Huh? Let’s start at the beginning. First, to “digest” something or to “figure out” something requires that one first read something. I can speak with some authority when I tell you that – with good reasons – much less than 1% of the public has bothered to read Dion’s “The Green Shift”. Newsflash: the vast majority of people have neither the time nor the inclination to read through 48 pages of Liberal self-aggrandizement (e.g., “We need leadership that will be honest with Canadians, put good ideas on the table, quickly put a price on pollution and bring forward a plan to help Canada succeed in the 21st-century global economy” – Message from Liberal Party leader Stéphane Dion) in which, here and there, there is a smattering of actual substance…all of it falling into the categories “no thanks” and “so what?”
Second, who are the “political analysts” giving Dion credit for the plan? Moreover, who gives a damn about “political” analysts? The only people who care about the opinions of political analysts are those seeking political office. The vast majority of Canadians want to know not whether “The Green Shift” is good for Dion’s electoral prospects, but whether it will be good for their own lives and happiness. Here’s the only analysis that matters: the Liberal “Green Shift” plan would mean that people would have less money, fewer jobs, more personal suffering, and more government departments promising to deliver the undeliverable (i.e., the prevention of global climate change). Presented with that reality, most people are likely to tell “political analysts” that they can stick their opinions where the Green House Gases are plentiful.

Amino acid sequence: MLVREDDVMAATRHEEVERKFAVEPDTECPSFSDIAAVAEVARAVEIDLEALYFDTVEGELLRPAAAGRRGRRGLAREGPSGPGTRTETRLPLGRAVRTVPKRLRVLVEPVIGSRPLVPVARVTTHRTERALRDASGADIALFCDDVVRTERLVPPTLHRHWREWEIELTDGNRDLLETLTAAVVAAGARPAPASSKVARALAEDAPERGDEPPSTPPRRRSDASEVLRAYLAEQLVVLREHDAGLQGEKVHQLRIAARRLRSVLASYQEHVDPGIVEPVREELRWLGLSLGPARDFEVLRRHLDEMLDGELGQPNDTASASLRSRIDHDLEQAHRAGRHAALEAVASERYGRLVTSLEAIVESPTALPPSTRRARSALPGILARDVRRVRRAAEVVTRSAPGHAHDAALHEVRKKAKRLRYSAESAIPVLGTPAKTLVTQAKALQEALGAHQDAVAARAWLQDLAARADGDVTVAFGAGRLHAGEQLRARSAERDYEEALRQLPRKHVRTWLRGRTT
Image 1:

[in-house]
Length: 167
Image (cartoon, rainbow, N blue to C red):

Goar’s final point:
Even those who oppose the idea of a carbon tax aren’t ridiculing his priorities.
First: that’s false, as anyone could easily verify by googling “green shit“, “green shaft“, or “red shift“. Second: most of those who have refrained from “ridiculing [Dion’s] priorities” are simply unwilling to be smeared, in response, with the left’s favourite smear: “Denier”; the hypocritical likening of anyone who doesn’t join the eco-fascist goose-stepping parade to Ernst Zundel and other anti-Semitic trash.